1,000 Summit County children get warm clothes through Knights of Columbus drive
By the numbers
3: Counties covered by the program, including Lake, Grand and Summit.
10: Schools that participate in the program.
80: Individual donors who supported the program this year.
4: Local grants that boosted the Knights’ clothing campaign.
$30,000: The amount spent on clothing this year.
1,000: Children who received warm winter clothing this year through the program.
2,000: Items of clothing distributed through the campaign.
Source: Knights of Columbus
The deliveries are all done, and the Knights of Columbus have turned their attention to next year’s winter clothing drive, when they’ll have another opportunity to be of service.
Now in its sixth year, the annual campaign boosts children’s core temperatures and community spirits throughout the holiday season by helping children in the Rocky Mountains get the warm winter clothing they need at no cost to their families.
The Knights recently completed their 10th and final stop of the year to local schools in the three-county area covered by their annual clothing drive.
This time, the campaign was made possible by $30,000 total, received through donations from 80 private donors and four local grants, said Mike Kramer, campaign organizer.
“Every penny that comes in (goes to the children),” Kramer stated. “Nothing is spent on anything except winter clothing.”
Additionally, the $30,000 figure is a dramatic jump from where the program began, and it shows just how much the drive has grown over the last six years, especially considering that in its first year, the campaign spent $7,800.
With more than three times that this year, the money helped more than 1,000 children living in Lake, Grand and Summit counties this time around, Kramer said, with the majority of those children being here in Summit.
“The coat is only one component,” he continued, explaining that children here often play outside in 10-degree weather or worse, and they need snow pants, bibs, gloves, hats and scarves, in addition to a warm winter coat.
Usually about two or three Knights will go out on any given delivery, loading up the back of a pickup truck full with boxes of free winter clothing. The Knights are often aided unloading by smiling, eager children at the schools, and it’s always a heartwarming moment.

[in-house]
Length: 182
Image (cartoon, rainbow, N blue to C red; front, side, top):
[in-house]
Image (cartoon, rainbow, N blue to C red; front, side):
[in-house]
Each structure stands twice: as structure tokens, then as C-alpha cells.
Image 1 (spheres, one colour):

“It’s a total reward,” Kramer said of the deliveries before he started to talk about how hard living in the High Country can be on working families and the struggles many face trying to make ends meet.
“It’s tough here for the working class,” he said.
Serenity Bell, who works at Upper Blue Elementary, said she knows the children from some of these families, and when the mercury drops, some of them can’t go out and play with their peers because they don’t have the proper winter attire.
“For a kid to have a coat, think about it, it was 12 degrees today,” Bell said just as school was letting out Wednesday.
“They don’t get to go out on the sledding hill, and have to stay on the blacktop. For them, it’s a really big deal to be able to do all those winter things they couldn’t do if they didn’t have that stuff.”
Bell added that the school’s teachers are “a lot happier” knowing their students are warm, and “on this side (of the county), we do have those kids whose parents have a hard time getting those things. … It is a huge impact for our school, in particular.”
Having some extras, Kramer said, the Knights also dropped off three boxes of winter coats with the Adopt an Angel program, administered through the Family and Intercultural Resource Center this year.
“Any kids that got missed, hopefully, they go there and we can get them,” Kramer said before calling it “another opportunity” to help.
And even though it might seem like the Knights have earned themselves a break after raising more than $30,000 and using all of that money to buy clothing for kids that they later delivered, Kramer said they’re already working on fundraising for next year’s campaign, when they hope to do even more.
“I think the program is awesome, and it’s amazing what a wonderful community we have,” Bell said of the drive. “I am just in awe of the support we get from the community. I’m proud to be a part of the school and the community we live in.”
Tax-deductible donations should be made payable to Knights of Columbus, P.O. Box 3673, Dillon, CO 80435. For more info, call Kramer at 970-468-6566.
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